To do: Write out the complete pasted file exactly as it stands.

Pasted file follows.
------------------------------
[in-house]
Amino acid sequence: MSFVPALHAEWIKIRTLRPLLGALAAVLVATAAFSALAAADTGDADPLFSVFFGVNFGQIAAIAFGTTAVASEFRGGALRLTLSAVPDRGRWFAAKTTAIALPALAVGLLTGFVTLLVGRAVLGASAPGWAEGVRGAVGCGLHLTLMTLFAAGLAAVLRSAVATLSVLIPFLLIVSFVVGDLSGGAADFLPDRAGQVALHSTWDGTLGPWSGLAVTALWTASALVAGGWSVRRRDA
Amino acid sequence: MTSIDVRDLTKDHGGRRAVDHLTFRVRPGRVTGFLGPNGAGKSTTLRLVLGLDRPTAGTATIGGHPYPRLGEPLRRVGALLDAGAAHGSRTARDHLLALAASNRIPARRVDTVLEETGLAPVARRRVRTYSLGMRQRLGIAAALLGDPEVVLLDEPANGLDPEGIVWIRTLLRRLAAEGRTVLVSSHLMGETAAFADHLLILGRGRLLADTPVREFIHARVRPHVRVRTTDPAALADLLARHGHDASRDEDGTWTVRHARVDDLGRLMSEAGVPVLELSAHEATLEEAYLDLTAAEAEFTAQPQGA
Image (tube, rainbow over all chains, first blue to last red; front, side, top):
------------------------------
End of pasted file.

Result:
[in-house]
Amino acid sequence: MSFVPALHAEWIKIRTLRPLLGALAAVLVATAAFSALAAADTGDADPLFSVFFGVNFGQIAAIAFGTTAVASEFRGGALRLTLSAVPDRGRWFAAKTTAIALPALAVGLLTGFVTLLVGRAVLGASAPGWAEGVRGAVGCGLHLTLMTLFAAGLAAVLRSAVATLSVLIPFLLIVSFVVGDLSGGAADFLPDRAGQVALHSTWDGTLGPWSGLAVTALWTASALVAGGWSVRRRDA
Amino acid sequence: MTSIDVRDLTKDHGGRRAVDHLTFRVRPGRVTGFLGPNGAGKSTTLRLVLGLDRPTAGTATIGGHPYPRLGEPLRRVGALLDAGAAHGSRTARDHLLALAASNRIPARRVDTVLEETGLAPVARRRVRTYSLGMRQRLGIAAALLGDPEVVLLDEPANGLDPEGIVWIRTLLRRLAAEGRTVLVSSHLMGETAAFADHLLILGRGRLLADTPVREFIHARVRPHVRVRTTDPAALADLLARHGHDASRDEDGTWTVRHARVDDLGRLMSEAGVPVLELSAHEATLEEAYLDLTAAEAEFTAQPQGA
Image (tube, rainbow over all chains, first blue to last red; front, side, top):